A strangle is a multi-leg options strategy that involves purchasing both a call and a put option with different strike prices but with the same expiration dates on the same underlying asset.
This strategy is used when investors believe there will be a large amount of volatility in the underlying asset. An is only profitable when there is a significant price movement in the near future. Strangle is similar to a Straddle options strategy which uses a call and put at the same strike price. In comparison, Strangle use call and put options at different strike prices.
A strangle is less expensive than purchasing a straddle because with a strangle, you are purchasing Out of the Money (OTM) contracts. However, the volatility must be more significant to turn a profit with a strangle.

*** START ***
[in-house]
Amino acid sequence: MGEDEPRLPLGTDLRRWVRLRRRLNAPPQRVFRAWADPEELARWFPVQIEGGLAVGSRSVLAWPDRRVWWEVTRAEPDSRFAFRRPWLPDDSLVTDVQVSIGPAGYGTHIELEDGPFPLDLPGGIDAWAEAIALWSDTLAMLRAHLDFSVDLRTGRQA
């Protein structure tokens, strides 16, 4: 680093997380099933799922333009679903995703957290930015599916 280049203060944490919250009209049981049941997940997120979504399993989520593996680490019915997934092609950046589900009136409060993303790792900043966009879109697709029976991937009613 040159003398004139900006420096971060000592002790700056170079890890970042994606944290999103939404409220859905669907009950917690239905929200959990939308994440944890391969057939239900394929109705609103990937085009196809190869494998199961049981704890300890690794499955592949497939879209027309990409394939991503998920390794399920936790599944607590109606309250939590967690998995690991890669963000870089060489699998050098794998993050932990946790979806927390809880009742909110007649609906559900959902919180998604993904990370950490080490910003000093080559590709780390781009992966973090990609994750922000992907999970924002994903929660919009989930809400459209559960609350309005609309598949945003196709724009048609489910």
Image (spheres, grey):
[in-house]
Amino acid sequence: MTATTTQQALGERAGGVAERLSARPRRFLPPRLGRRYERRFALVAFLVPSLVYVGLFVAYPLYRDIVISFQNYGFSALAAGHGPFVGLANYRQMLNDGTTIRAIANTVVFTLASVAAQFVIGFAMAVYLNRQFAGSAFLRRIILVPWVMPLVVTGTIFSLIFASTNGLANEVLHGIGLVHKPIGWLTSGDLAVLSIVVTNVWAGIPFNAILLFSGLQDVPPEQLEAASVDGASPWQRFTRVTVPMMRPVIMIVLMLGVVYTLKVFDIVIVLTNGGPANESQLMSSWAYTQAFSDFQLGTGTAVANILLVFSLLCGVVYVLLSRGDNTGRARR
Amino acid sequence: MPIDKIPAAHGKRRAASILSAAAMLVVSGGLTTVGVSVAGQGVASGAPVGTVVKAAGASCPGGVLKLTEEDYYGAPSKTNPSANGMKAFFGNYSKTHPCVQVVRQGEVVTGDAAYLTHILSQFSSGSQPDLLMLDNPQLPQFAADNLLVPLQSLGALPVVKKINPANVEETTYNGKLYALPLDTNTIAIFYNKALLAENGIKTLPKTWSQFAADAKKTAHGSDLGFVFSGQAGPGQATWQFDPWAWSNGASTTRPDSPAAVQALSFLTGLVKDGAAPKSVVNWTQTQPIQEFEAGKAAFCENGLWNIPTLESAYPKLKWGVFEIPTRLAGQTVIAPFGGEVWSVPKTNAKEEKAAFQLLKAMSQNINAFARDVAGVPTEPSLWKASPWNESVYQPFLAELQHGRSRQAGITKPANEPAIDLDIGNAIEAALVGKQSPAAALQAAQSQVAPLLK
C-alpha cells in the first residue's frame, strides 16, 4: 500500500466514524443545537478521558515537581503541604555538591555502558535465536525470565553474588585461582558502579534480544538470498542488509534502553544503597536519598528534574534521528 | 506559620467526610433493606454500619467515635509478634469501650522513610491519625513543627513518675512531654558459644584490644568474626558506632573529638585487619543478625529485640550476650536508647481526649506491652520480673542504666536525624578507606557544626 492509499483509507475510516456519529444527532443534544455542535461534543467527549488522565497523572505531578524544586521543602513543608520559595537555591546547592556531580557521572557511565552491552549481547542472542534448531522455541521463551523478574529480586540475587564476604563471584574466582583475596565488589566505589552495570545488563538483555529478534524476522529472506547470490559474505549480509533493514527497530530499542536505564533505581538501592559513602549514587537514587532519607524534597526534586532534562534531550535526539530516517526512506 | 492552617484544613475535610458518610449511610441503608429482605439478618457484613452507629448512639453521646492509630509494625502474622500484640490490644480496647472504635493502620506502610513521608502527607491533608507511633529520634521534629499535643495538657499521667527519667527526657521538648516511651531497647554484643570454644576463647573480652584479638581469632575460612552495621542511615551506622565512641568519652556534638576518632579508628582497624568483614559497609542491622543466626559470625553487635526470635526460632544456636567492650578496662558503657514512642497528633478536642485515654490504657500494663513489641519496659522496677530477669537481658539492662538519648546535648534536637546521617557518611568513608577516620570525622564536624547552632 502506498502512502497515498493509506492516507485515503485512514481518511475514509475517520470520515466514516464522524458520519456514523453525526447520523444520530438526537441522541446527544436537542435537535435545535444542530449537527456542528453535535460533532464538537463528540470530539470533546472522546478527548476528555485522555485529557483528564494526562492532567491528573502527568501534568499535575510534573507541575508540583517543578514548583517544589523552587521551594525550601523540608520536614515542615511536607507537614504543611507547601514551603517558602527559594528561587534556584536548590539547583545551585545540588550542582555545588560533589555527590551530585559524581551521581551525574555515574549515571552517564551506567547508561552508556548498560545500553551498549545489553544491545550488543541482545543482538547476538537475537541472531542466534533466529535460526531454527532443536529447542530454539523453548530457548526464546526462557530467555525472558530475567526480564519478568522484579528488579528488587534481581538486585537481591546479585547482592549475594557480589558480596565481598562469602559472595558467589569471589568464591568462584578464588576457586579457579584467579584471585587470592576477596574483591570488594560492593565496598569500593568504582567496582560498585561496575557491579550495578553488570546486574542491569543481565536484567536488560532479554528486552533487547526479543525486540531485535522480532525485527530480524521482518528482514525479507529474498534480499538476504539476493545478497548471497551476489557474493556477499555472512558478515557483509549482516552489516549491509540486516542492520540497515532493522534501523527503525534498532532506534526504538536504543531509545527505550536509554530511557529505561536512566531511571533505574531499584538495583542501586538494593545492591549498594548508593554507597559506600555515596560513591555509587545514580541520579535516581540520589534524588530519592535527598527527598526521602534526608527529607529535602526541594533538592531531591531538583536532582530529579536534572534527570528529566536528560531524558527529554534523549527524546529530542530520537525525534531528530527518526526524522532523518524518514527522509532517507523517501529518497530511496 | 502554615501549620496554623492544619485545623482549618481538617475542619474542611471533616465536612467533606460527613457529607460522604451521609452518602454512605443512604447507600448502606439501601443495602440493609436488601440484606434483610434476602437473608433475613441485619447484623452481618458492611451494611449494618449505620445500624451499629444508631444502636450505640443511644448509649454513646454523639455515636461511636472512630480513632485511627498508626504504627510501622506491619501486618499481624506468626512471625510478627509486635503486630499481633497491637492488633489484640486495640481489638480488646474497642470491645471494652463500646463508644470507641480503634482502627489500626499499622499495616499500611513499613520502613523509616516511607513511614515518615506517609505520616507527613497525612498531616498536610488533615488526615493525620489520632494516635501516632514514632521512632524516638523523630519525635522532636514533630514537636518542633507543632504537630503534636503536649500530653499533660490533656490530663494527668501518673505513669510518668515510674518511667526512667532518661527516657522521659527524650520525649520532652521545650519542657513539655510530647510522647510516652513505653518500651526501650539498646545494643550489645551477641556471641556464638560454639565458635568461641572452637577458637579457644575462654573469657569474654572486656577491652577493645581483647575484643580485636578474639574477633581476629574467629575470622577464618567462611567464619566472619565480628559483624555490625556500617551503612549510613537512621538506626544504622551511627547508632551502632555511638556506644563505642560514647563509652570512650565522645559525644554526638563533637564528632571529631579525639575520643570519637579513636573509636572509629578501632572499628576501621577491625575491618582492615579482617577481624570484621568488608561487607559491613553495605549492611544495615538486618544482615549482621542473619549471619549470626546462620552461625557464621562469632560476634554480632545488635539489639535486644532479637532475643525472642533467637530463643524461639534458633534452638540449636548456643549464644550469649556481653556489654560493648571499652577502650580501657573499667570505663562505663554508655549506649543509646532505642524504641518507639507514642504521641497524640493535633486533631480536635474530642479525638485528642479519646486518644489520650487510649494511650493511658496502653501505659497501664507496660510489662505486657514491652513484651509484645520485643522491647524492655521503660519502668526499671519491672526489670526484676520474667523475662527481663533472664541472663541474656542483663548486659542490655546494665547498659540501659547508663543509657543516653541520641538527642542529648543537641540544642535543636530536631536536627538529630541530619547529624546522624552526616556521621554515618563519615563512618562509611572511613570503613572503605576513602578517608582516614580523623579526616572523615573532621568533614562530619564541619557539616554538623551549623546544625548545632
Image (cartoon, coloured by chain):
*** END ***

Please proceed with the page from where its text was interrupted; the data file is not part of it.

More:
How to Does a Strangle Work?
There are two types of Strangles Long and Short Strangles; however, we will be only covering Long Strangles here as this is the more common strategy.
With a long Strangle, the investor buys both Out-of-the-money (OTM) call and put options. The call options would have a strike price that is greater than the current asset price. While the put price would have a strike price that is less than the current asset price. View the payoff chart below to help understand.
Disclaimer: This is not financial advice. The features described in this article and the information provided does not constitute investment advice.
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